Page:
Alongside PE in the curriculum, we have found innovative ways to introduce physicality into wider school life. This has been successful and helped us to shape our children’s mindset, understanding the importance of consistency and fun.

For example, we have introduced whole-school Friday active enrichment sessions. These include everything from archery to ju-jitsu and a climbing wall. This has also giving our children the opportunity to participate in activities to which they might not otherwise have access. They are also learning new skills, gaining the confidence to step outside their comfort zones and working as team to support each other.

In addition, we doubled our weekly PE sessions during lockdown to reduce screen and sedentary time caused by home learning. Pupils and staff received this well and it was a key part of their resilience during this challenging time. Following this success, we now deliver two sets of one-hour sessions a week, plus a commitment to Forest Schools for all pupils, targeted at those who need it.

Creating new spaces and supporting wellbeing

As part of our strategy, we also created a Forest School to help us to integrate physical activity into our pupils’ learning and intellectual curiosity, supporting them to get outside and explore nature in a hands-on way. We built our provision with Nature-Friendly Schools, a DfE and Wildlife Trusts project, which helped us create a green environment and trained our staff to deliver activities to support our children’s mental health and wellbeing.

We also welcomed our wellbeing dog, Jasper, to school. Jasper has provided a great source of emotional comfort and physical encouragement to our pupils. They can take him for walks around the school grounds and children who are struggling can spend time with him. Jasper is in school three days a week and supports the children in and out of class through individual time, time in class and his regular lunchtime play sessions.

Throughout the pandemic, we held Wednesday wellbeing sessions to support our pupils’ emotional health and wellbeing. On these days we provided ideas which were non-screen based and could be done outside and with the family.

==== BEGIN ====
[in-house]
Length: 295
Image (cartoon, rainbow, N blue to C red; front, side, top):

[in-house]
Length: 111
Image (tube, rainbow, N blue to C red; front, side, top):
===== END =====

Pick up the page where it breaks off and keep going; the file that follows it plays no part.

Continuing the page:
What we learnt

Our whole-school approach has significantly supported our pupils’ physical and mental health. They are healthier, happier and more engaged in learning and making more informed choices with diet and exercise. Their confidence is improving, reflected in their attainment. Our last cohort of Year 6 pupils achieved the best ever set of informal SATs results, with reading results close to the top 5% in the country in 2021.

Benefits also extend to our teachers who are enjoying a more dynamic curriculum, and our parents report that children are more aware of their diet and the benefits of being physically active.

In recognition of our work, our recent Ofsted report stated, “Physical education is a real strength of the school. Leaders have planned a curriculum that gives pupils an excellent experience of sport and physical activity… complemented by an extensive range of extra-curricular activities”. We are a PE Centre of Excellence, a Pioneer School for our outdoor education and our Early Years programme is used as a framework for other schools under the Creating Active Schools (CAS) scheme.

We learnt a lot along the way, including the value of building in quick-wins, such as children coming to school in their PE kit. However, we also realised that our youngest pupils needed to practise changing to develop fine motor skills. We are still exploring strategies to keep every lesson as active as possible, as we learned that broadening the range of activities helps to keep motivation and engagement high.

Key insights

1. A broader educational experience for pupils

2. More engaged and excited teachers and pupils who are more ready and eager to learn

3. Increased physical fitness across the school

4. Happier and healthier children

Chris Tolson is headteacher of The Academy of St James, part of Bradford Diocesan Academies Trust